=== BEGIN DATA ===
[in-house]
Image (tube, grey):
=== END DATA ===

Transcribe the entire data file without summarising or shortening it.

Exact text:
[in-house]
Image (tube, grey):